2023/1/20 14:11Page Template coding and thematic analysis in Microsoft WordThis is a very comprehensive video discussing how to codeQualitative Analysis: Coding and Categorizing DataStatistical AnalysisThere are many ways to conduct statistical analysis on quantitative data ( statistics, weather data, survey data). It’s important to understand whatinformation you need so you can choose the correct test. Recall that there arebasically two types of statistics and it’s important to understand which onesmake sense for you to use.Descriptive vs. Inferential statistics?(7:19)Think about what you are trying to understand with your analysis. Whichstatistical approach will you need: Descriptive, inferential, or both? Are youjust trying to describe your data, or are you testing relationships?The following chart shows how to choose the type of statistical test dependingon the type and number of variables you can nalize the Research Template by lling out section 3.
2023/1/20 14:10Page Template Research Plan-Research Questionand ObjectivesThe research plan provides a clear idea of what questions you will answer,what information/data you will need to answer the questions, how you willcollect data to answer the questions, and how you will analyze the data. Youshould have the?Research Plan Template handy and ready to ll out while youare working through the remaining two modules for this week.Once you have a solid research question/aim and the objectives, it might beuseful to run them by your TA advisor to make sure you are on the right path tochoosing research methods.Research Questions and Research ObjectivesFor the research plan, you will need a clear research question AND researchaim/problem statement, research objectives, and methods to address theobjectives. You will also need to know how you will analyze the data collectedwith each research method. The following video explains the process that youwill use to ll out the Research Plan.Aligning problem statements, purpose statements, research questions, andmethodology (~30:00)Although this is aimed at graduate students, the concepts are the same. Thisvideo is as close as possible to what we expect from the research plan, but youshould still read the description below as it is more specic to the ResearchPlan assignment, and has several examples for you to model for your ownresearch questions/aims and objectives. You can also see an example of theresearch plan here.Research QuestionsLet’s start with the Research Question (a.k.a. Research Aim or ResearchProblem Statement)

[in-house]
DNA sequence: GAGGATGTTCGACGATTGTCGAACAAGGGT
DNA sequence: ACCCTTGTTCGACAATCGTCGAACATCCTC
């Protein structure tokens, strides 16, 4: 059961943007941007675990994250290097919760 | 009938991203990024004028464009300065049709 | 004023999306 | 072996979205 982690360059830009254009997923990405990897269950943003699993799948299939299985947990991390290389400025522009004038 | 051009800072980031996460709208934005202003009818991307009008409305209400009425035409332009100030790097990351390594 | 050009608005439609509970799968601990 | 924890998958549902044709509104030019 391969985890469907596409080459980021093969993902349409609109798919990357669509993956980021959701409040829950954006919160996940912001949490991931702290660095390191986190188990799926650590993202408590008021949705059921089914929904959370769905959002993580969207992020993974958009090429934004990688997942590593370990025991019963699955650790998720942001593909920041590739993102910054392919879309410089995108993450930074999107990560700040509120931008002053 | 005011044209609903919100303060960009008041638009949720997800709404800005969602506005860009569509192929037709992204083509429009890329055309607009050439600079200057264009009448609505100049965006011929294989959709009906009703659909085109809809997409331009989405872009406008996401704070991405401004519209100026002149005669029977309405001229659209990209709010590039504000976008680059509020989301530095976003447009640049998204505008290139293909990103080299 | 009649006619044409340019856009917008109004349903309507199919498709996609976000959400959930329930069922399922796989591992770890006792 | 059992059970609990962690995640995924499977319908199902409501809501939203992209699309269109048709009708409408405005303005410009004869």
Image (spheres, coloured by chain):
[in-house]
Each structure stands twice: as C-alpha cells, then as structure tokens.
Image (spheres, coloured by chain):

2023/1/20 14:10Page Template research question or aim are the same thing, said in different ways. Theresearch question is?. well, it?s a question.? A research aim or problemstatement states the research question as a statement.But what is a research question? The research question is what guides youroverall research. Good research questions are:Clear ? understandable to everyoneResearchable- data can be collected (within 4 to 6 weeks for 402B)Focused-not too broad or too narrowPractical- relate to some actual situationAppropriately complexThe following examples illustrate these principles:Clear or Unclear:?Why are social networking sites harmful?Clear:?How are online users experiencing or addressing privacy issues on suchsocial networking sites as MySpace and Facebook?Focused or Unfocused:?What is the effect on the environment from globalwarming?Focused:?How is glacial melting affecting penguins in Antarctica?Too simple or Appropriately complex:?How are doctors addressing diabetesin the U.S.?Appropriately Complex:??What are common traits of those suffering fromdiabetes in America, and how can these commonalities be used to aid themedical community in prevention of the disease?Source: a course-relevant example of these principlesBroad topic: Wind energyProblem: There is a need to transition to renewable energy but there is a lackof uptake and acceptability of wind turbines.Broad research question: What are the barriers to wind energy uptake?